- Unknown Position

2. Do you support reducing military intervention in Middle East conflicts?
- No

Trade

Do you generally support removing barriers to international trade (for example: tariffs, quotas, etc.)?
- Yes

Defense

Do you support increasing defense spending?
- No

2016

Abortion

1. Do you generally support pro-choice or pro-life legislation?
- Pro-choice

Budget

1. In order to balance the budget, do you support an income tax increase on any tax bracket?
- Yes

Crime

Do you support mandatory minimum sentences for non-violent drug offenders?
- No

Education

1. Do you generally support requiring states to adopt federal education standards?
- Unknown Position

Guns

1. Do you generally support gun-control legislation?
- Yes

Health Care

1. Do you support repealing the 2010 Affordable Care Act ("Obamacare")?
- No

Social Security

Do you support allowing individuals to divert a portion of their Social Security taxes into personal retirement accounts?
- No

Campaign Finance

1. Do you support the regulation of indirect campaign contributions from corporations and unions?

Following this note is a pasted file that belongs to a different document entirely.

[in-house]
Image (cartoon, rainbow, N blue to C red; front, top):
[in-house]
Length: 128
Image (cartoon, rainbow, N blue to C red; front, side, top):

- Yes

Economy

1. Do you support lowering taxes as a means of promoting economic growth?
- Yes

2. Do you support federal spending as a means of promoting economic growth?
- Yes

Immigration

1. Do you support requiring immigrants who are unlawfully present to return to their country of origin before they are eligible for citizenship?
- No

National Security

1. Do you support increased American intervention in Iraq and Syria beyond air support?
- Yes

Environment

Do you support the federal regulation of greenhouse gas emissions?
- Yes

Energy

1. Do you support government funding for the development of renewable energy (e.g. solar, wind, thermal)?
- Yes

2. Do you support building the Keystone XL pipeline?
- Yes

Marriage

Do you support same-sex marriage?
- Yes

Speeches
Articles

Colorado Sun - Michael Bennet: Coronavirus and a housing crisis go hand in hand. Congress must act.

May 30, 2020